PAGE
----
But notwithstanding, Olga loved her son Svyatoslav, and said, "So

be the will of God. If God wishes to have pity upon my kin and upon

the land of Rus', let him lead my son's heart to return to God, even

as God has granted me to do." Thus saying, she prayed night and day

for her son and for the people, while she brought him up to manhood

and adult age.
When Svyatoslav grew up, Saint Olga relinquished control of Kievan Rus’ to him. Prince Svyatoslav was frequently away commanding armies in battle. On one occaision, the Perchenegs, a neighbouring power opportunistically decided to lay siege on Kiev while Svyatoslav and his army were elsehwere. Saint Olga was in Kiev with her grandchildren, and she cleverly fended off the siege, by fooling the Perchenegs into thinking that her son and his armies were returning very soon. 

Despite their religious differences, Svyatoslav and Saint Olga remained very close. Although Svyatoslav remained pagan his whole life, his son Prince Vladimir the Great (Olga’s grandson) would embrace Christianity when he became prince, and it was under Prince Vladimir’s rule that Kievan Rus’ would become a Christian nation.
 Saint Olga would pass away peacefully in the year 969. The Primary chronicle records her passing thus:
 Her son wept for her with great mourn-

ing, as did likewise her grandsons and all the people. They thus car-

ried her out, and buried her in her tomb. Olga had given command

not to hold a funeral feast for her, for she had a priest who performed

the last rites over the sainted Princess.

Olga was the precursor of the Christian land, even as the day-spring

precedes the sun and as the dawn precedes the day. For she shone like

the moon by night, and she was radiant among the infidels like a pearl

in the mire, since the people were soiled, and not yet purified of their

sin by holy baptism. But she herself was cleansed by this sacred purifica-

tion. She put off the sinful garments of the old Adam, and was clad

in the new Adam, which is Christ. Thus we say to her, "Rejoice in the

Russes' knowledge of God," for we were the first fruits of their recon-

ciliation with Him.

She was the first from Rus' to enter the kingdom of God, and the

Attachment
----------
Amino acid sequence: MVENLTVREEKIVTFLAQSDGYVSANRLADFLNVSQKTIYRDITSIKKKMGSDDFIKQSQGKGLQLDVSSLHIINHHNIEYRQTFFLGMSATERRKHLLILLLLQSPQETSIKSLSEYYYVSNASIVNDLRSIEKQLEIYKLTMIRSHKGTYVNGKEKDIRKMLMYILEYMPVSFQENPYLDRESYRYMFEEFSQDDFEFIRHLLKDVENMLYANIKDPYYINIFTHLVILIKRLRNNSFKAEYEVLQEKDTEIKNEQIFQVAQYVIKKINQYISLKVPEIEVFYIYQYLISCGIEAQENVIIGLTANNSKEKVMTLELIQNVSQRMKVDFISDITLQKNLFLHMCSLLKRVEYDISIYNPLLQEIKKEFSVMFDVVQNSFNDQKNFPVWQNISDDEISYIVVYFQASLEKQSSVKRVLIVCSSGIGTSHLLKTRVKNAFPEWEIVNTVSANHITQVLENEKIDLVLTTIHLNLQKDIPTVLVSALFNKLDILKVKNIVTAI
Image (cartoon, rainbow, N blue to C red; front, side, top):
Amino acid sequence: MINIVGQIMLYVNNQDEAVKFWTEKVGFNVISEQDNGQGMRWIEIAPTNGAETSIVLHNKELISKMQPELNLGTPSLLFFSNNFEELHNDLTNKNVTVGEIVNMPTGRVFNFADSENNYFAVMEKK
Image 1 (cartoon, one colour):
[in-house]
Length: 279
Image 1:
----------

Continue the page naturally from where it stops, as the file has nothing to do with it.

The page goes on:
sons of Rus' thus praise her as their leader, for since her death she has

interceded with God in their behalf. The souls of the righteous do

not perish

Saint Olga is commemorated a saint in the Eastern Orthodox church, and also the eastern rite catholic church with a feast day of July 11. She is a particularly important saint for Ukraine, Russia and Belarus. I would like to share a couple of homilies about her. The fist is an excerpt of a homily by Metropolitan Lawrence Huculak, who leads the Ukrainian Greek Catholic church in Winnipeg, Canada, where he focuses on Saint Olga’s efforts to pass her faith on to her son and grandchildren

Often when we reflect on the great saints of the Church we think of the martyrs, the popes and patriarchs, the bishops and priests, the religious sisters and ascetics who devoted their total lives to God. When we think of Saints Vladimir and Olga we think of a different category of people. Saints Vladimir and Olga were secular leaders of the people; they were parents; and they were members of the laity. The example they gave in their lives has as much meaning for us today as it did a thousand years ago when they lived on this earth. Princess Olga was a woman of faith. Even though she lived in a very pagan world, she held strong to her Christian faith and tried to pass on this faith to her children and grandchildren. So often in the history of the Ukrainian people it has been the mothers and grandmothers who have shown wonderful examples of Christian piety in their lives, and have tried so very hard to pass on their faith to their children and grandchildren, especially when there has been no one else to do this. During the Communist times in Ukraine it was the mothers and grandmothers who passed on their faith to their children. And even today when so many parents have no time or desire to live theirChristian faith and pass this on to their children and grandchildren – it is the grandmothers who carry the torch of Christian heritage.